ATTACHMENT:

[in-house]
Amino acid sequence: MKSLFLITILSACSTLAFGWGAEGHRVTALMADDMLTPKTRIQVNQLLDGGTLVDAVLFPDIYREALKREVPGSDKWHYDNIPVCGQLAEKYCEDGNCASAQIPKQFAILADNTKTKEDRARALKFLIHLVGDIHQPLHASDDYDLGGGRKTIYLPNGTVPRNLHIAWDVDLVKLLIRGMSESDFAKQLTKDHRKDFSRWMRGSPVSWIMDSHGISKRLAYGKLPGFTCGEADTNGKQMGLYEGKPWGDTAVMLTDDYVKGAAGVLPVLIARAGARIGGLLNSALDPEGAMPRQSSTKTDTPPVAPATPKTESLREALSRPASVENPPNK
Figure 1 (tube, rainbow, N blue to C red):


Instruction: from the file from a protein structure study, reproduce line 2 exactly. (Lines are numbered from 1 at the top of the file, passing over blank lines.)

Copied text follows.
Amino acid sequence: MKSLFLITILSACSTLAFGWGAEGHRVTALMADDMLTPKTRIQVNQLLDGGTLVDAVLFPDIYREALKREVPGSDKWHYDNIPVCGQLAEKYCEDGNCASAQIPKQFAILADNTKTKEDRARALKFLIHLVGDIHQPLHASDDYDLGGGRKTIYLPNGTVPRNLHIAWDVDLVKLLIRGMSESDFAKQLTKDHRKDFSRWMRGSPVSWIMDSHGISKRLAYGKLPGFTCGEADTNGKQMGLYEGKPWGDTAVMLTDDYVKGAAGVLPVLIARAGARIGGLLNSALDPEGAMPRQSSTKTDTPPVAPATPKTESLREALSRPASVENPPNK